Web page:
RTE Act admissions in schools hazy

There is no clarity on status of 25% of seats to be allotted under RTE Act.File Photo

There is no clarity on status of 25% of seats to be allotted under RTE Act.File Photo  

Education rights activists say that with big private schools in Madurai having unofficially completed the admission process and started online classes, there is no clarity on the status of 25% of seats to be allotted under the Right of Children to Free and Compulsory Education (RTE) Act.

Documents obtained through Right to Information Act by Veronica Mary, a child rights activist, reveal that from 2014-15 to 2019-20, only 70.31% of the allotted seats have been filled in private schools across the State.

Implementation of the RTE Act this year, may be further weakened, due to the COVID-19 pandemic, it is feared.

According to the RTE Act, 25% of entry-level seats must be set aside for students from economically weaker sections of the society. Enquiries made to a number of big schools in the city revealed that many schools had completed the admission process, especially for kindergarten, and online classes were going on since June.

“Children from underprivileged sections, whose parents are usually daily wage workers, depend on RTE seats to enter private schools. But, due to lack of clarity this year, these students will lose this opportunity,” says C. Perarivalan, State general secretary of Tamil Puligal Katchi, who has been working for admitting underprivileged students from Karumbalai area under the RTE Act.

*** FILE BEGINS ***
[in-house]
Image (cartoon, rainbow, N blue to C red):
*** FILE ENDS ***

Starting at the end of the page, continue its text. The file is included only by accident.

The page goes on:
Mo. Pandiarajan, a member of Global Nursery and Primary Schools Association, says most private schools try not to admit students under the RTE Act due to non-disbursal of funds by the State government.

‘Government must act’

While this is the case under normal circumstances, the pandemic situation may worsen the implementation of the Act, says Ms. Mary.

Pandemic, no excuse

“The government must either take action against schools admitting students or announce online admission of seats under the RTE Act. Since the RTE admission process was held online for the past two years, COVID-19 pandemic could not be used as an excuse,” Ms. Mary adds.

A Devaneyan, founder-director of Thozhamai, a non-governmental organisation, says the government must immediately issue guidelines regarding admissions under RTE Act.

“The government may say the schools have officially not commenced the admission process. But it is the underprivileged students who stand to lose in the end,” he says.

District Chief Educational Officer R. Swaminathan says there is no official order from the government permitting admissions for this academic year. “But, when admissions through RTE begins, all schools would have to compulsorily allocate seats for it,” he adds.

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